“those people who are as different from others as body is from soul or beast from human, and people whose task (ergon), that is to say, the best thing to come from them, is to use their bodies in this condition—those people are natural slaves. And it is better for them to be subject to this rule” (I.5, 1254b16-19).
Although reasoning is distinctive to all human beings, Aristotle claims that natural slaves have reason only in some minimal sense. Accordingly, the distinctive way in which natural slaves function is not in deliberating for themselves but rather following the deliberations of others. And since a good life for a human being is to be found in excellently performing one’s distinctive function, then a good life for a natural slave is one in which it listens to others well. Of course, this argument is irrelevant if there are in fact no natural slaves.
 In fact, Aristotle’s discussion is our main evidence that the justice of slavery in Ancient Greece was debated at all.
 Politics I.3, 1253b19-21, emphasis added. All translations are from Reeve (1998) unless otherwise indicated.
 Politics I.5, 1254a18.
 Politics I.5, 1254b16-17.
 Politics I.6, 1254b26-29.
 Politics I.5, 1254a21-22. Jowett translation.
 Politics I.6, 1255a23-24.
 Politics I.6, 1255a40-1255b1.
 I say “seems” because Aristotle is unclear on this point. He is mostly concerned with theoretical issues, so he doesn’t broach how common he thought these mismatches between legal and natural slavery were in actual Greek society. The most he concedes is that the categories of legal slave and natural slave, legally free and naturally free, do “not always” match up (Politics I.6, 1255b2-9).
 Politics I.6, 1255a28-29, where even the opponents of slavery seem only to be concerned with the slavery of fellow Greeks.
 Politics I.2, 1252b4-8.
 Miller 2017, §3.
 Aristotle claims that the natural slave “shares in reason to the extent of understanding it, but does not have it himself” (Politics I.5, 1254b23-24).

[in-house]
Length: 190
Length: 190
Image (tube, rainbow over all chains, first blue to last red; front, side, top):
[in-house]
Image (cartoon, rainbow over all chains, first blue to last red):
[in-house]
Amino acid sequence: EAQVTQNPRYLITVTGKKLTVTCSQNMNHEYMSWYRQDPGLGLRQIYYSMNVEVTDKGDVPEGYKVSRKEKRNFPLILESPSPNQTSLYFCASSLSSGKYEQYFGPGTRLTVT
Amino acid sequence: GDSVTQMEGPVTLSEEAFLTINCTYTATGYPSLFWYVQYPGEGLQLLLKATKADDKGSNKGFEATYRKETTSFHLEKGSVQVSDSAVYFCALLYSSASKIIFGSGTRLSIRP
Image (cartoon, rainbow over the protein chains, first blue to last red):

This is also true of his claims about women, who he claims have the capacity for deliberation but are unable to let it guide their actions. Politics I.13, 1260a13.
 In fact, slaves in Athens were often skilled craftsmen and sometimes occupied what we think of as professional class positions — bankers, accountants, and low-ranking bureaucrats for the Athenian state.
 Davis 2006, 188, discusses how American slaveholders were influenced by Aristotle. That said, we cannot conclude that if Aristotle had not made his argument, slaveholders would not have made it. If Aristotle’s arguments had not existed, it probably would have been necessary for slaveholders to invent them.
 E.g., James Henry Hammond, “The Mudsill Speech,” in Finkelman 1997, 86.
 E.g., Thomas R. R. Cobb, What Is Slavery and its Foundation in the Natural Law, in Finkelman 1997, 154.
 e.g., Thomas Jefferson, Notes on the State of Virginia, in Finkelman 1997, 50.
 Thanks to Shane Gronholz, Chelsea Haramia, Peter Hunt, Tom Metcalf, and Nathan Nobis for their comments on drafts of this essay.
Aristotle. 2009. Nicomachean Ethics. Translated by David Ross, revised with an Introduction and Notes by Lesley Brown. Oxford: Oxford University Press.
Aristotle. 1998. Politics. Translated by C.D.C. Reeve. Indianapolis: Hackett Publishing Company.
Davis, David Brion. 2006. Inhuman Bondage: The Rise and Fall of Slavery In the New World. Oxford: Oxford University Press.
Finkelman, Paul (ed.). 1997. Defending Slavery: Proslavery Thought in the Old South, a Brief History with Documents. Boston: Bedford/St. Martin’s.
Kraut, Richard. 2002. Aristotle: Political Philosophy. Oxford: Oxford University Press.
Miller, Fred. 2017. “Aristotle’s Political Theory.” Stanford Encyclopedia of Philosophy.
Responding to Morally Flawed Historical Philosophers and Philosophies by Victor Fabian Abundez-Guerra and Nathan Nobis
Philosophy and Race: An Introduction to Philosophy of Race by Thomas Metcalf
Reparations for Historic Injustice by Joseph Frigault
Ignorance and Blame: Can Ignorance Excuse? by Daniel Miller
Removing Confederate Monuments by Travis Timmerman
Theories of Moral Considerability: Who and What Matters Morally? by Jonathan Spelman
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About the Author
Dan Lowe is a lecturer in the department of philosophy at the University of Michigan. He works on social and political philosophy, feminist philosophy, and their intersection with moral epistemology. sites.google.com/site/danlowe161